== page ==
Egyptians began on Sunday voting in the country’s first parliamentary elections since former President Mohammed Morsi was ousted in 2013, amid voters’ reluctance to cast their votes for Islamists or officials of former President Hosni Mubarak.
Egypt’s long-awaited legislative election, with some 55 million eligible voters in total, is held in two stages covering the country’s 27 provinces. The first stage is held on Oct. 18 and 19 while the second will be on Nov. 22 and 23.
The banned Muslim Brotherhood swept the previous parliament along with Salafists or Sunni fundamentalists. The previous assembly was dissolved in June 2012.
The Salafist Al-Nour Party is the only Islamist political party in the election. Al-Nour won about a quarter of the votes in the country’s first post-Mubarak parliamentary polls held in late 2011, coming second after the Brotherhood.
As Religion-based parties are banned according to the 2014 constitution, Al-Nour always denies its religious affiliations and defended itself as a party with religious background.
Kareem Al-Senoty, retired engineer, expressed his rejection for any religious-based nominees in the new legislature. “It’s my duty to vote and prevent the success of the Islamists as lawmakers.”
“We need to separate religion from politics; we are a civil rather than a religious country,” Al-Senoty, who was accompanied by his two daughters in Kafr-Abdoo center of the coastal city of Alexandria, told Xinhua.
Reserving 75 percent of the seats for the individuals will likely make the new assembly vulnerable for the Islamists and the wealthy remnants of the former President Hosni Mubarak’s dissolved National and Democratic Party, and threatens with using the political capitals in affecting laws to be endorsed.
“I will give my voice for anyone, even if I don’t know him very well, provided that he or she isn’t affiliate to the former President Mubarak’s regime or the Brotherhood,” Sanaa Yassin, 42 housewife said.
“We went through two uprisings to avoid the old faces who turned the country into perplexity,” she said, adding that the Egyptians deserve better servers.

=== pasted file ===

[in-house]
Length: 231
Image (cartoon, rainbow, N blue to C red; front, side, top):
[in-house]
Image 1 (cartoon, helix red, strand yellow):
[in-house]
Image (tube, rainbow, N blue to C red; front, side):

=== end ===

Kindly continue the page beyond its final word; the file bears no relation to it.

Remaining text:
More than 27 million voters from 14 provinces are expected to cast their ballots on Sunday and Monday in the first phase, according to the country’s High Electoral Committee.
The polls will mark the last milestone in Egypt’s three-stage roadmap to democracy, after adopting the new constitution and holding the presidential elections.
Egyptians are sick and tired of an ailing economy and insecurity that followed its two uprising, hoping the new parliament will bolster the country’s pillars and bring laws that can improve their conditions.
“It’s duty of all the Egyptians to show up and cast their votes for the new legislature to build our country on legal bases,” said, Mahmoud Mokhtar, 52 years old, science teacher, while casting his vote in the Giza district of Imbaba.
“I came to vote since I feel the challenges and dangers surrounding my country, and that I hope my participation in the election will strengthen Egypt,” Mokhtar added.
According to the voting process, nearly 16,000 judges will supervise the process, while other 87 international and local non-governmental organizations got the licenses for observation.
The early hours of the voting saw a low turnout, with the coastal city of Alexandria reading the biggest rate of participation, a spokesperson for the High Electoral Committee, said.
He added the female turnout is fourfold of that of the males, while the old-age categories topped the scene.
Due to threats of regular militant attacks since the ouster of former Islamist President Mohammed Morsi, at least 185,000 military troops will secure the election as the polls open, official news agency MENA reported. The Interior Ministry said they will be joined by 180,000 police.
In the early hours on Sunday, security forces defused two bombs planted near a balloting station in Fayoum province. Locals also reported a dubious object near the fence of a primary school grouping many election committees. No casualties have been reported, MENA added.
Later in the day, another four bombs were dismantled in Giza district of Kerdasa, a crowded region with Islamists, state-run Ahram website reported.
In a TV speech to the nation Saturday, President Abdel Fattah al-Sisi called on all Egyptians to head to the ballot boxes. He also urged the armed forces and the Interior Ministry to secure the voting process.
The new-elected parliament will be made up of 596 seats, of which 448 will be elected as independents, 120 will go to winner-takes-all party lists, and the rest 28 will be presidential appointees.